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credit: Kaufland
credit: Kaufland

Kaufland opens in Bucharest the 1500th store in its European network

A small retailer in southern Germany has become one of Europe’s leading food retailers with major expansion plans: This week Kaufland opened in Bucharest its 1500th store – a great milestone in the Kaufland success story. Angelus Bernreuther, Head of Investor Relationship Management, looks back at Kaufland’s corporate history and explains how, starting with its solid roots, the future of the company is being shaped, especially during challenging times.

With a total area of ​​over 5,000 sq m and a sales space of approximately 3,400 sq m, the new hypermarket in Bucharest represents the company’s commitment to further support the development of the local economy and communities by creating over 100 new jobs. The new Kaufland Bessarabia store is equipped with modern solutions and technologies, which ensure high standards of energy efficiency. The hypermarket is powered by green electricity, having photovoltaic panels with an area of ​​over 550 sq m.

Impressions from the 1500th Kaufland store in Bucharest:

This opening is a major milestone in the history of Kaufland. Kaufland started as a small retailer in southern Germany and became on of Europe’s leading food retailer with major expansion plans: Together with ACROSS, Angelus Bernreuther, Head of Investor Relationship Management, looks back at Kaufland’s corporate history and explains how, starting with its solid roots, the future of the company is being shaped, especially during challenging times:

ACROSS: Kaufland is one of the biggest European players in food retailing. Where are you most heavily engaged?

Angelus Bernreuther: Kaufland currently operates more than 1,450 large supermarkets in eight European countries: Germany, Poland, Romania, Czech Republic, Slovakia, Croatia, Bulgaria, and Moldova. As you can see, we are strongly focused on the CEE countries and Germany, which is our home base.

ACROSS: Let us take a quick look back: What did Kaufland represent 50 years ago, and what does it signify today?

Bernreuther: Our first supermarket, which was named “Handelshof”, opened in 1968 in Backnang, near our headquarters in Heilbronn, Germany. At that time, the food retail market was completely different in Germany, where our success story began. Local supply was mainly ensured by small and medium-sized structures. In 1968, Kaufland was one of the first companies to offer customers a wide range of food and non-food items in a large-scale format – and it worked. Today, we operate more than 750 stores in Germany. Due to the fact that customer behavior has changed over the decades, our concept has also been adapted. Today, an average Kaufland supermarket offers a customer experience dominated by food and near-food products on a sales area of 4,200 square meters that features roughly 30,000 items at competitive prices. The switch from the former huge hypermarket format to a local supply-dominated large supermarket has now become the key recipe for success in the online age.

ACROSS: Around half of your branches are currently located outside your home market, Germany. Please give us a brief overview of your expansion strategy.

Bernreuther: That is correct. With more than 700 supermarkets in the CEE countries, we are a key player in that region. Our expansion began in 1998 in the Czech Republic, followed by Slovakia in 2000, then Poland and Croatia in 2001. After entering the Romanian market in 2005 and Bulgaria in 2006, Moldova marked our most recent successful opening three years ago. There is one rule in every country: Our strong concept must be adapted to local customs. Partnership and flexibility are our key drivers. Both as an owner and as a tenant, we are flexible in the way we build and operate our large supermarkets: as stand-alone stores, in retail parks and shopping centers, and even in city center-based locations. Our USP lies in the fact that we are a strong local footfall anchor for all types of locations. We guarantee comprehensive local supply for our customers as well as for our partners in the cities and in the real estate industry.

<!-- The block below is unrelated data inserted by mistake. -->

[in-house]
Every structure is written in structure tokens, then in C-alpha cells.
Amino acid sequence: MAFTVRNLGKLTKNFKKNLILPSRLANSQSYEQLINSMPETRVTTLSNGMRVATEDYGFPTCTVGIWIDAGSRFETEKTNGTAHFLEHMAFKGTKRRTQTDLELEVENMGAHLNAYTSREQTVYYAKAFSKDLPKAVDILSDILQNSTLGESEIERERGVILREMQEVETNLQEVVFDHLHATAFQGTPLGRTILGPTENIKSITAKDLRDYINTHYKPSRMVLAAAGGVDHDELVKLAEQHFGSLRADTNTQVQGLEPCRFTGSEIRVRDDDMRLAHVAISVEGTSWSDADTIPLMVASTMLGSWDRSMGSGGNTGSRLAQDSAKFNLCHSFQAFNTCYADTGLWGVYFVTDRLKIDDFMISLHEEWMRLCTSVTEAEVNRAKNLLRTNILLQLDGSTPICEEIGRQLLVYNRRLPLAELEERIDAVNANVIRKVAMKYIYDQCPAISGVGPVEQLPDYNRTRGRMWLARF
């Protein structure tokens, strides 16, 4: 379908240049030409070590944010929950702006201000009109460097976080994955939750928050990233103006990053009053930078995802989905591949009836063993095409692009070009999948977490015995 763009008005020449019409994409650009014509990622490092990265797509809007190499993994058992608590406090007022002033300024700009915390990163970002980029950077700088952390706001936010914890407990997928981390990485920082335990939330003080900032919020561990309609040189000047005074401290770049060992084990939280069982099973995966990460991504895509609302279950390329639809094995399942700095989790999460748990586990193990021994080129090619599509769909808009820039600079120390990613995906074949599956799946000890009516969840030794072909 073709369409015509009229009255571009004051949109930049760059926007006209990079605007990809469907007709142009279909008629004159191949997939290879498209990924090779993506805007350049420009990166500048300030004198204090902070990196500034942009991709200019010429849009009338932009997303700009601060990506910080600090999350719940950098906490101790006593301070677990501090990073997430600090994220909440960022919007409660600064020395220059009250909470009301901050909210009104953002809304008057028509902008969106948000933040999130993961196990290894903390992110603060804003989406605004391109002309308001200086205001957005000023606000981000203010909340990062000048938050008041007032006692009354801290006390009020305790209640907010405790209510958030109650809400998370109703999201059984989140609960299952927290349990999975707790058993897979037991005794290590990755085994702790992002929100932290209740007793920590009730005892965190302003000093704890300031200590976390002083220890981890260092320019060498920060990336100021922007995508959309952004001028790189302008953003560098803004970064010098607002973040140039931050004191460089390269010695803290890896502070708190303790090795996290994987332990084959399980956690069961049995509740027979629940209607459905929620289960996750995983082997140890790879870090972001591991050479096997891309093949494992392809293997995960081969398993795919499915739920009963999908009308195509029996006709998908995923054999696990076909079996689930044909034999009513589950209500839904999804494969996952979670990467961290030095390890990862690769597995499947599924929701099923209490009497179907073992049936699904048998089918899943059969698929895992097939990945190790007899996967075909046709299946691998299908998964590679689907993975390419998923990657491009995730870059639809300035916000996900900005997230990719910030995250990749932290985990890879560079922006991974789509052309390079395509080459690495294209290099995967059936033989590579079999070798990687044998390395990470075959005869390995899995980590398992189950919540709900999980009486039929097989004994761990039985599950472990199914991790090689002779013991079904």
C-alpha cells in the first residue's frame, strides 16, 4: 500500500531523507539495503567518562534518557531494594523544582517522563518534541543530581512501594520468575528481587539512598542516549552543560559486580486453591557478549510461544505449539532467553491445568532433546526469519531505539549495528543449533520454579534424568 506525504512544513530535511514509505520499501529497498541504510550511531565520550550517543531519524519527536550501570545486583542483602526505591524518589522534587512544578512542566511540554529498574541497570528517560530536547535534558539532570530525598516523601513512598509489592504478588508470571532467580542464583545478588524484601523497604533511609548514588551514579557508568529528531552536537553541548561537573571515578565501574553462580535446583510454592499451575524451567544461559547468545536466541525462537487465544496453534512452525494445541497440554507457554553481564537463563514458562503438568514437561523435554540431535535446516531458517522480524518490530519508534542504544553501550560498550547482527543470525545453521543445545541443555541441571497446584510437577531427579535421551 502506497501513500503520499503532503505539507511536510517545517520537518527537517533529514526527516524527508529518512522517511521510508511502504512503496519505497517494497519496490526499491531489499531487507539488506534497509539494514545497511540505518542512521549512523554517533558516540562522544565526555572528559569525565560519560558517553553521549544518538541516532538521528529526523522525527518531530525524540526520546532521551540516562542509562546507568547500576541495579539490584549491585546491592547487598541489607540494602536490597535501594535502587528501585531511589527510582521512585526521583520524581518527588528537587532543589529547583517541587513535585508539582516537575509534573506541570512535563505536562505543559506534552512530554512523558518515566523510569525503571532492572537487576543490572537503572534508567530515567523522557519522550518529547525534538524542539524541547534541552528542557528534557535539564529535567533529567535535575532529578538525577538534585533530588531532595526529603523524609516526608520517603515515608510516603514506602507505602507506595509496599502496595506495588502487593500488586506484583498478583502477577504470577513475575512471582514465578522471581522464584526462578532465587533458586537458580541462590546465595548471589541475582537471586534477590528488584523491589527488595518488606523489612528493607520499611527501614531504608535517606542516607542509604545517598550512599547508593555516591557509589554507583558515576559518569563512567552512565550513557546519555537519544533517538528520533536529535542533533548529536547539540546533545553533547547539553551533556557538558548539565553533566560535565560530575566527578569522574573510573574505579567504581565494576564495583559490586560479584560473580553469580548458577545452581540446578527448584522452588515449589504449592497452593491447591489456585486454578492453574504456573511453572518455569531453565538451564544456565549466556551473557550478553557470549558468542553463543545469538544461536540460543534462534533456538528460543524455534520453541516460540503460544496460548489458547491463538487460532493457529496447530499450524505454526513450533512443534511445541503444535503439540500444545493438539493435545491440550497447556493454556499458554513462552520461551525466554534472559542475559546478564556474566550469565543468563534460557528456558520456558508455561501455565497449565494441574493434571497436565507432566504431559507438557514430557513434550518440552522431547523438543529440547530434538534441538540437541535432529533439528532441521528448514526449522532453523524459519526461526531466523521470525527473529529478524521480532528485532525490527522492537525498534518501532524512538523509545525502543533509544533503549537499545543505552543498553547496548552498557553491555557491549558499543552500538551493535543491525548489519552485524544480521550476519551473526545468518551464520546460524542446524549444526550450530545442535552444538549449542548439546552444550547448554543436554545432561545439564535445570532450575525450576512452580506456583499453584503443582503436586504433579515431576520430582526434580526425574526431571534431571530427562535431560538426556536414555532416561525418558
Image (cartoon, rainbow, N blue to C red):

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ACROSS: Which countries, particularly in CEE, are the growth drivers for Kaufland? What is your development strategy in that region?

Bernreuther: We know that food retail will not be affected by e-commerce, as is the case with the non-food sector, and that people spend more than half of their disposable income on food retail and visit the stores frequently. We strongly believe in the future of physical retail. We see a lot of potential in all of the countries in which we operate, both in new developments and in the revitalization of existing retail properties – from rural areas to metropolitan cities. We are still hungry!

ACROSS: What are some of the competitive advantages of the CEE retail market?

Bernreuther: We offer our customers a wide selection of food at very competitive prices. In addition, together with our local tenant partners, we offer a one-stop shopping experience: from regional retailers to international specialty stores. That also includes pharmacies, a wide range of food service providers, and other services. In order to ensure the best possible customer experience, we are currently working with partners on more than a million sq m of leasable space at our stores. Our partners, both in the real estate industry as well as in the cities in which we are located, can confidently rely on our international partnership and our long-term prospects.

ACROSS: Food and local supply are footfall generators for retail properties. What changes do you foresee in the use of commercial real estate? What does that mean for Kaufland? What are the main characteristics of a Kaufland store in that regard?

Bernreuther: The pandemic has proven that food retail is synonymous with stable footfall and that it is even systemically relevant. The general framework conditions that affect retail real estate will not affect the grocery sector, or rather only to a much lesser extent. In particular, the impact of digitalization, e-commerce, and demographic change will mean that many traditional locations, such as high streets and shopping centers, where fashion used to play a dominant role, for example, will have to reinvent themselves. Food traditionally played a minor role at such locations, but that has changed. Of course, food retailers like us will not be able to save entire locations, but we will still help ensure that footfall remains stable. The tenant mix will change at almost all location types, and food will play a greater role therein. That is why food or food-anchored properties are currently in favor with many investors. Together with the real estate industry as a whole, we see more mutual opportunities for a number of locations that probably would not have been considered before. That includes more mixed-use projects, for example.